Air Bag: The annoyance of the bleeping speedometer

Like a screaming child aboard an aeroplane, so the speedometer's grating whine plague our lives. But when 120kph is not even the speed limit, is there a point?

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It's your worst nightmare. Well, okay, that might be stretching it, but it's pretty dismal, nonetheless.

You grab your seat on an aeroplane, eager to get going on your long-haul flight for a well-deserved and long-awaited holiday. Or, you sit down and get your eye mask ready; you've got an important business meeting in a few hours and you need to get some sleep on this red-eye flight and be fresh when you land.

The engines begin to spin, the plane taxis out onto the runway, and then it happens; over the whine of the jets, that baby being held by its mother in the row in front of you begins to scream. And the ear-splitting din doesn't stop.

Yes, I know; some of you out there with children will be quick to point out that it's not the little cherub's fault; that I should be ashamed of even referring to these tiny angels with anything but the utmost of love and adoration. But, hey, I paid good money for this seat (or some company did, anyway) so I have the right to complain.

It's the same as if I were to put down good money on a new car and had to put up with a noise just as grating, just as annoying and just as distracting. A noise much like that speed alarm that beeps after 120kph.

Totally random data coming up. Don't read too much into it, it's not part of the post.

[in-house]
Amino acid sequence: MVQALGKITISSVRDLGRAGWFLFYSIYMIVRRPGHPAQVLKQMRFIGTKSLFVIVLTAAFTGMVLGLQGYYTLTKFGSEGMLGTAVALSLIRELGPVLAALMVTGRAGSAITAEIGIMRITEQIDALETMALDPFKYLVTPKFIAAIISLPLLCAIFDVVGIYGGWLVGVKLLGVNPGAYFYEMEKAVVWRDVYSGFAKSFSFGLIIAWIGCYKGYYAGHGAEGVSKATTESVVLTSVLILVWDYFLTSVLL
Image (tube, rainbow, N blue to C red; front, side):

The alarms are all different, and some come on once and then stop while others stay on continuously until you drop down below 120; all are coupled with a flashing light on the instrument cluster. But every new car in the UAE is sold with the speed alarm; I've been told by a dealer here that it's part of the GCC spec, and that it's the law, intended to keep people below the speed limit.

The problem is, the speed limit is not 120kph, at least not in Abu Dhabi, and unofficially not in other emirates. The Abu Dhabi side of the road to Dubai has signs clearly marked with the speed limit as 140kph. And on other roads, such as Sheikh Zayed Road and the Al Ain-Dubai road, police officials have stated that the radar cameras will not go off below 140kph, making that the de facto speed of traffic.

So why all this infernal dinging at a lowly 120kph? The alarm certainly doesn't keep people from going above the magic number. At least, not a certain Motoring editor.

What it does do, though, is increase blood pressure and steam under the collar on the motorways, and that's never a good thing on an already stressful drive. In fact, it even damages hearing; to counteract the problem, I just turn up the stereo so I don't hear the alarm. But there's only so much booming AC/DC I can take before trickles of blood start to seep out of my ringing ears.

(At least the flashing warning light on the dash is easy to fix - all it takes is a strategically placed square of black electrical tape. I'm handy like that.)

Luckily, there is no shortage of auto shops and even car dealerships themselves who will gladly turn off or adjust the alarm so you won't be driven over the edge, so to speak, on the motorway. Which makes them easier to turn off than a screaming baby; but let's not forget the hire cars, taxis and many Motoring test cars that still have the alarms active, cars that continue to irritate even the most subdued and composed of drivers and passengers - and me. Why, there is even a Facebook page dedicated to hating the speed alarms, called, appropriately, I Hate Car's Speed Alarm. Maybe you can join the 55 people who "like" it.

What's that you say? Why not just slow down? You make it sound so very simple …